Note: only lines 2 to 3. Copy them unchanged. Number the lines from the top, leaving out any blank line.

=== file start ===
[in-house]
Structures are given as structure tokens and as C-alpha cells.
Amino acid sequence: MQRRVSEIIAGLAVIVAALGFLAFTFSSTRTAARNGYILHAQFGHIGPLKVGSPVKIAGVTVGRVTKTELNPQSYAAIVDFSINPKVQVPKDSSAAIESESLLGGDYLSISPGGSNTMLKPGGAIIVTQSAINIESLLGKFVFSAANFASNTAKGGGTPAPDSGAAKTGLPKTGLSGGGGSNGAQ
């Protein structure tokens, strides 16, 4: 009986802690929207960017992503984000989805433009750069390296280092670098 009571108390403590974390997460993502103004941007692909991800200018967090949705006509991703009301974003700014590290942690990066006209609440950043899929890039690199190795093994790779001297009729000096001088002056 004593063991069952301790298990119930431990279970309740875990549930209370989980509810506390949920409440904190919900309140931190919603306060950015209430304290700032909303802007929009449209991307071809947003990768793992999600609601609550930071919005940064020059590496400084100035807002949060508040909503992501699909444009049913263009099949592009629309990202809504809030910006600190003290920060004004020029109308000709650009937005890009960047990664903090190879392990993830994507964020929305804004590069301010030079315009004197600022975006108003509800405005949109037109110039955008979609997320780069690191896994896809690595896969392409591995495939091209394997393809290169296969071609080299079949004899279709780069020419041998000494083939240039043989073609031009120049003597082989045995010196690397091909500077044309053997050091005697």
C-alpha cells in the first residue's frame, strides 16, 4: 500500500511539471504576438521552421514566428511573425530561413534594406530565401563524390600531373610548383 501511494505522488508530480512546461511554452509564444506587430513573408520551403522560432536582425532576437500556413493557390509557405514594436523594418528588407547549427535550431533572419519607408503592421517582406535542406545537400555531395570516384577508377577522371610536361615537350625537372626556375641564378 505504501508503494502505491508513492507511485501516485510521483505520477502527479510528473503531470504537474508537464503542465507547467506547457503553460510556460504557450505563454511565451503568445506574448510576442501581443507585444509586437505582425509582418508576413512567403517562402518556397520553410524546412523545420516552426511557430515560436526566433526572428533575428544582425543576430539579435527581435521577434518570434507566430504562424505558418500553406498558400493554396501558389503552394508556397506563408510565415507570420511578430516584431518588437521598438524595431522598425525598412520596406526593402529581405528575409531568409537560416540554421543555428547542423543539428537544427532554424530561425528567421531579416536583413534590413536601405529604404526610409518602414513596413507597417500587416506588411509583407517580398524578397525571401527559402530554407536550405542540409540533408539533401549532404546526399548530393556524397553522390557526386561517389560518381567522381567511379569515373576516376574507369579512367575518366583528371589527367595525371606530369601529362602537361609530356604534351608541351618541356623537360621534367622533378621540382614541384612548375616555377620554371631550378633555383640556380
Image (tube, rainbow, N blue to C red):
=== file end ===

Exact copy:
Structures are given as structure tokens and as C-alpha cells.
Amino acid sequence: MQRRVSEIIAGLAVIVAALGFLAFTFSSTRTAARNGYILHAQFGHIGPLKVGSPVKIAGVTVGRVTKTELNPQSYAAIVDFSINPKVQVPKDSSAAIESESLLGGDYLSISPGGSNTMLKPGGAIIVTQSAINIESLLGKFVFSAANFASNTAKGGGTPAPDSGAAKTGLPKTGLSGGGGSNGAQ